Dr. Kelli Morgan, Associate Curator of American Art at the Indianapolis Museum of Art (IMA) at Newfields introduces us to some of the American gems in the IMA’s collection.

The American collection at the Indianapolis Museum of Art at Newfields (IMA) is an encyclopedic group of brilliant objects that span US history from the Colonial period to the 1970s. The collection is well known for its American Impressionism, modernist painting and sculpture, and of course Indiana’s own Hoosier School. Yet, IMA’s American collection is comprised of such a diverse array of objects that it offers an alternative look at the American canon.

For instance, the collection of Hudson River School painting includes Edward Moran’s The Valley in the Sea (1862), perhaps the only panoramic underwater scene in 19th-century American art. Its majestic vista and meticulous attention to detail capture an aquatic equivalent to the terrestrial scenic wonders that fascinated Hudson River School painters. Meanwhile, Robert Seldon Duncanson’s Long Loch (1867) demonstrates the breadth from which 19th-century African American artists created as the painting reflects his travels through Scotland and interests in Sir Walter Scott’s novels. Being the first native school of American painting, the Hudson River School is a critical component of the American canon and IMA’s collection illustrates that its practitioners stretched far beyond the American landscape.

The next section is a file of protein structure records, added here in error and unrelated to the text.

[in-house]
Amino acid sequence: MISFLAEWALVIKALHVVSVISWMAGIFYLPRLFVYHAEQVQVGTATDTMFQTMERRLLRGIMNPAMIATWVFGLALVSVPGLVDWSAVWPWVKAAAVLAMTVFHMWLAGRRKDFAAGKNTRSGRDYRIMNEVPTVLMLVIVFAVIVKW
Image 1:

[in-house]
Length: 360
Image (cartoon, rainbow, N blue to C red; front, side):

IMA’s collection of American Impressionism has the unique ability to showcase the local history of Indiana impressionists, while simultaneously presenting the broader national narrative. Its great depth in Munich School painters such as Frank Duveneck, Joseph Frank Currier, and William Merritt Chase offer an extensive look at the distinct dramatic tones and bold contrasts of light specific to the style. Thus, works like Duveneck’s Polling Landscape (1881), Currier’s The Whistling Boy (ca. 1873), and Chase’s Dorothy (1902) serve as art historical links to Indiana impressionists T.C. Steele, William Forsythe, and John Otis Adams who each studied at the Royal Academy in Munich in the late 1880s.

Upon returning to Indiana, Steele, Forsythe and Adams, along with Otto Stark and Richard Gruelle, formed the Hoosier Group and dominated the Indiana art scene in the early 20th century. IMA’s collection includes a variety of works by Steele that showcase his dexterity, particularly his command of light. For example, Sunrise (1886) is rendered in the typical dark Munich style and is his only known Munich scene painted after he returned from Germany. In contrast, his best known landscape The Bloom of the Grape (1893), with its subdued yellows juxtaposed with royal purples, was awarded honorable mention at the 1900 World’s Exposition in Paris, bringing international recognition to Indiana painting.

Richard Buckner Gruelle, The Canal--Morning Effect, 1894

Richard Buckner Gruelle, The Canal–Morning Effect, 1894. Image and original data provided by the Indianapolis Museum of Art at Newfields